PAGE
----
To strap into the vessel through which writer-director James Gray chooses to explore the cosmos in the meditative “Ad Astra” is to understand the emotional turmoil endured by the astronaut we're accompanying, Brad Pitt’s Roy McBride.
Despite its opening notes and frames being injected with a just sense of grandiosity that we’ve come to expect from modern space movies, Gray’s latest film is just as much an introspective journey as it is an intersteller one. The premise is straightforward – astronaut must travel through space and communicate with his long-thought-dead father, who may have a role in ongoing Earthly catastrophic phenomena – but this space odyssey is contemplation and adventure in equal measure, guided by one of the year’s most effectively somber performances and a startling level of self-awareness on Grey’s part about Hollywood’s historical teachings on the isolation of intergalactic exploration.
The "Lost City of Z" and "We Own the Night" director also offers up a counter-argument to our perhaps-overzealous ambitions of reaching the stars as a pinnacle of human achievement, one we should have been considering all this time: Why should we expect humanity’s problems to be bound to Earth?
The personal stakes that sparks Roy’s mission ensures the screenplay – co-written by Gray and Ethan Gross – is just as invested in skipping through the remnants of fractured relationships as it is through the stars. “It’s a time of hope and conflict” in the near-future setting that “Ad Astra” unfolds in, subtitles tell us early on, before Pitt’s narration envelops us into the crevices of a mind that is bare of emotion, albeit tactically so.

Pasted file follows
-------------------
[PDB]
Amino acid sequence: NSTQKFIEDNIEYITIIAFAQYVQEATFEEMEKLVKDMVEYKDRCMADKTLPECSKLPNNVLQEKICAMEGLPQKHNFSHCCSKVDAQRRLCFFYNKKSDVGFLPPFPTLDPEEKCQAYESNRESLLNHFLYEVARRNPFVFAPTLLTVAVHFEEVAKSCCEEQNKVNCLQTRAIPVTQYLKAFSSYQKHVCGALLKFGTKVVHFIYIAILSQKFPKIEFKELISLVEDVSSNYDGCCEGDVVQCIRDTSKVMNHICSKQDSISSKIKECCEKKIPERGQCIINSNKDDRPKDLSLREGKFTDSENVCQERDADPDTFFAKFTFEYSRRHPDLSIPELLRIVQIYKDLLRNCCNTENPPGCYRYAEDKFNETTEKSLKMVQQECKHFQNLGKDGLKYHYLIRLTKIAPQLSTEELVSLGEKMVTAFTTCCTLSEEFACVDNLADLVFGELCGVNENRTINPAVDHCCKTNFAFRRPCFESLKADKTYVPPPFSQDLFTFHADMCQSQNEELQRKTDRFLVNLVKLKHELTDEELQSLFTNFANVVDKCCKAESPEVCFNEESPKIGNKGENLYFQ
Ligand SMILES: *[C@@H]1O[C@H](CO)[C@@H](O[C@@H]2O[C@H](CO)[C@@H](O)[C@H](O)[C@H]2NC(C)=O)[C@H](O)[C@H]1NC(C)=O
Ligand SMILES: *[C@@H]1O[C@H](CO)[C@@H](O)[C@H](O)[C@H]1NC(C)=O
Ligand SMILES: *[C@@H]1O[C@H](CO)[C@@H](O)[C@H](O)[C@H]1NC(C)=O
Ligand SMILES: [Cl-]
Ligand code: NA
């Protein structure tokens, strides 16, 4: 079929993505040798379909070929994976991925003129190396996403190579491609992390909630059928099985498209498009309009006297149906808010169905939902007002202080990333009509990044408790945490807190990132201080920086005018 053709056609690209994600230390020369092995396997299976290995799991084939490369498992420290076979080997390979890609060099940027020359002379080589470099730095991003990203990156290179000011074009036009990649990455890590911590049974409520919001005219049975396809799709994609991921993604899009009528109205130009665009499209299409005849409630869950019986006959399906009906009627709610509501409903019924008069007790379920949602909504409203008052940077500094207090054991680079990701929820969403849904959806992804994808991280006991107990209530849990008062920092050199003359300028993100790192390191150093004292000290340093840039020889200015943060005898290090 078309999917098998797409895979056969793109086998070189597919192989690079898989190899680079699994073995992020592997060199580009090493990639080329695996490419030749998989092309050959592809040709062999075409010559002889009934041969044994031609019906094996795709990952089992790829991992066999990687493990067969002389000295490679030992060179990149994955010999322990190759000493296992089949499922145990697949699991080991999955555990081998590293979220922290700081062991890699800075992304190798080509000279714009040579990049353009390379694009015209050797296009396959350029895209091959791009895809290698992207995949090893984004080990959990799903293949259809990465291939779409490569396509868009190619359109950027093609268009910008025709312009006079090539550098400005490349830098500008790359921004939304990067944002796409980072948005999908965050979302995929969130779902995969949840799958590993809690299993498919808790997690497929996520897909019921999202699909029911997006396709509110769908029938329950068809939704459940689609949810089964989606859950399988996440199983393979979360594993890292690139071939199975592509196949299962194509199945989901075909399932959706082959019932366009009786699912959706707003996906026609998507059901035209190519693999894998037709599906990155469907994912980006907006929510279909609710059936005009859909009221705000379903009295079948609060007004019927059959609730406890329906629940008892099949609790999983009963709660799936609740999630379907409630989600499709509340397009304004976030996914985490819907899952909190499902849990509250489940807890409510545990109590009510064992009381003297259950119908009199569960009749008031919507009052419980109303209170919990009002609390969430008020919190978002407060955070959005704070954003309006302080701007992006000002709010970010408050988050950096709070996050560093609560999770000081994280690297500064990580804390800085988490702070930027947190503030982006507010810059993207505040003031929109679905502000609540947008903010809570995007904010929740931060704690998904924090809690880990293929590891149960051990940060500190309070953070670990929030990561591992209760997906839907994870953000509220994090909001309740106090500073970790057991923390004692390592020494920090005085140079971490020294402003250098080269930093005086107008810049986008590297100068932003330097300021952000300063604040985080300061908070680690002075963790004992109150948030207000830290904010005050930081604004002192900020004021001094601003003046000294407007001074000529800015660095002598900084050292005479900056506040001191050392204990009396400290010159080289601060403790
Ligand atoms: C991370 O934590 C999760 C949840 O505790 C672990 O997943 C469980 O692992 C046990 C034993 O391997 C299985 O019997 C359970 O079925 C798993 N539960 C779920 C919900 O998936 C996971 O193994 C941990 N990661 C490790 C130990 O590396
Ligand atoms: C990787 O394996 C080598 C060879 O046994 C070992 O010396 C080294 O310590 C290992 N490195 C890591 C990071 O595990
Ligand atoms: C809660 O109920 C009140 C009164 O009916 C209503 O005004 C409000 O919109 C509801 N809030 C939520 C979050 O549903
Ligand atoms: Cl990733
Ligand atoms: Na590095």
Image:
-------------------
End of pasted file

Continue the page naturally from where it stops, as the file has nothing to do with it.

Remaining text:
Films and history – sometimes the fusion of the two – have taught us there is barely an inch of room for error while operating above our atmosphere. When it comes to Roy, whose pulse a superior impressively notes has never surpassed 80 bpm while in situations we couldn’t fathom, being able to deplete himself of emotion and remain laser-focused on his duties is why he doesn’t crack while hurtling miles to the ground in one early, terrifying sequence that feels at once entirely implausible and wholly engrossing.
It’s also allowed him to adequately follow in his father’s footsteps; a portrait of Tommy Lee Jones’s Clifford McBride, with the face of stoic nobility we ascribe to our historical heroes, hangs beside Buzz Aldrin’s in the halls of Space Command, telling us all we need to know about his legacy.
But Roy’s unencumbered precision at burying the emotions that could betray him in space (something Damien Chazelle's "First Man" also explored) seeps into his life outside Space Command. Early scenes of Liv Tyler as a nameless, presumed significant other are more like spectral mirages occasionally forming in the desert of his mind. And, if you listen closely to Roy’s joyless monologues, Gray provides hints that astronaut son and astronaut father didn’t leave things off in the best of terms before Clifford apparently died decades ago, while venturing further than any human has before.